What Entrepreneurship Educators Should Know: Lessons from the Price Babson Symposium for Entrepreneurship Educators

Jam-packed and intense—these are two adjectives I would use to describe the four-day-long Price Babson Symposium for Entrepreneurship Educators (SEE), which I had the privilege of participating in this past May. The symposium, which is one of the leading training programs for entrepreneurship educators, had already graduated 33 classes, comprising more than 3200 individuals from over 650 institutions worldwide. As a participant in SEE 34, I had the pleasure to collaborate, brainstorm, and learn from and with 59 other educators from 13 different countries (from the United States and Canada to Thailand, Bahrain, Brazil, and Argentina). Moreover, I spent a significant part of the training in a group.

The symposium required all participants to wear two hats: a student hat and an educator hat. In fact, true to SEE’s motto “Action Trumps Everything,” in addition to attending lectures daily from 8:30 AM to 4:30 PM, we also worked in small groups of 4–6 participants to discuss what we were learning and apply it to a group project. Each group had the goal to come up with an innovative entrepreneurship education idea and deliver a three-minute rocket pitch about it in front of the Babson faculty and fellow SEE participants during the final day of the training. My group included Dante Freitas from Devry University in Recife, Brazil; Hyun Park from Ramon Llull University in Barcelona, Spain; Akshaye Dhawan and Carol Cirka from Ursinus College in Collegeville, PA; and Michael Scott from Dr. Jorge Alvarez Public School in Providence, RI. After four days of learning and brainstorming we came up with a program with the following idea and rocket pitch.

Aside from the rocket pitch presentation, here are several interesting insights from the training I would like to share with my fellow entrepreneurship educators:

  • Design Thinking is an essential ingredient of entrepreneurship education: As a first step in our SEE project, our group engaged in design thinking. In a nutshell, design thinking is a process by which your customers (the people for whom you are creating) gain valuable insights, which potentially can lead to innovative solutions. Usually the design thinking process entails three steps:
  1. Define an opportunity space and select an area within the space to observe: In our case, we looked at photos of different groups of students engaged in entrepreneurship education related activities.
  2. Observe your space and record facts and not interpretations: Our session emphasized that observations are facts without judgments. This is perhaps the hardest part of the design thinking process, because participants have to be mere observers and ensure that they are not interpreting and attributing based on their own preconceived notions. Observing and collecting facts without immediately judging those facts is extraordinarily difficult, but it is critical to developing useful insights.
  3. Develop insights from your observations and share them with your group: Observation represents the “what,” while insights represent the “why.” What are the motives, thoughts, and mental models behind what you saw? Insights uncover hidden meaning and needs while creating a more useful understanding of the observations. For example in our group we had the following observation: “Students use idea paint to write on the walls all over the Babson Campus.” –which led us to the following insight: “Students often appear most engaged learning outside a traditional learning environment, such as a classroom.”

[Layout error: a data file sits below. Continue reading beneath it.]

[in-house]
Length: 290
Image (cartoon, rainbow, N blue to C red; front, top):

Consequently, based on our insight from the design thinking session, our group came up with our idea and rocket pitch presentation.

  • When it comes to measuring the success of an entrepreneurship education program, focusing only on the number of ventures created by its graduates is a misleading metric, at least in the short run: The Babson faculty pointed out that creating a new venture is very difficult and requires a lot of experience and a steep learning curve. In fact, of the graduates of Babson’s flagship entrepreneurship programs (Bachelor’s: four years; Master’s: two years), the percent of graduates who have started a business within three years of graduation are 10 percent for the bachelor program and 20 percent for their MBA program. Therefore, instead of focusing on the number of ventures created, Babson prefers to focus on measuring the acquisition of what they refer to as the entrepreneurial skillset and mindset.
  • Measure the entrepreneurial mindset and entrepreneurship skillset: Instead of purely focusing on percent of ventures started by the graduates of its entrepreneurship program, Babson has developed some tools to capture the acquisition of key entrepreneurial skills and behaviors in its graduates. The point of the tool is to also demonstrate that entrepreneurial thought and action are necessary ingredients for success not only in start-ups, but also in large established companies. The tool involves a series of aptitude tests that measure your progress at entry-mid-point and upon graduation from the program. My guess is that developing such a tool should be a priority for all comprehensive entrepreneurship education programs, because it is an excellent way to showcase the skills acquired by participants in the short run.